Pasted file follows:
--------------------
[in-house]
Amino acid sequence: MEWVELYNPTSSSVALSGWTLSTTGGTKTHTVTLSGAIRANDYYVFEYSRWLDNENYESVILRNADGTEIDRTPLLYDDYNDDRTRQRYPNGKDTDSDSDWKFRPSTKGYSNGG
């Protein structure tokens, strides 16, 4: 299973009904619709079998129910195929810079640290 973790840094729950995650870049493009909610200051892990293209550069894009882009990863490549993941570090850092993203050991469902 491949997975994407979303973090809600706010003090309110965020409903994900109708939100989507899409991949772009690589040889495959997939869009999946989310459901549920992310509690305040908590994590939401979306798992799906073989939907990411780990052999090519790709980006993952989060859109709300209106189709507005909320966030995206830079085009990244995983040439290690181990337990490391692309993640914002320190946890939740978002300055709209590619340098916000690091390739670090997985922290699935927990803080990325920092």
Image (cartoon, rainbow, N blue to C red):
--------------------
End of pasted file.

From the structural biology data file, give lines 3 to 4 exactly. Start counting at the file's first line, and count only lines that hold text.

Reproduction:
């Protein structure tokens, strides 16, 4: 299973009904619709079998129910195929810079640290 973790840094729950995650870049493009909610200051892990293209550069894009882009990863490549993941570090850092993203050991469902 491949997975994407979303973090809600706010003090309110965020409903994900109708939100989507899409991949772009690589040889495959997939869009999946989310459901549920992310509690305040908590994590939401979306798992799906073989939907990411780990052999090519790709980006993952989060859109709300209106189709507005909320966030995206830079085009990244995983040439290690181990337990490391692309993640914002320190946890939740978002300055709209590619340098916000690091390739670090997985922290699935927990803080990325920092």
Image (cartoon, rainbow, N blue to C red):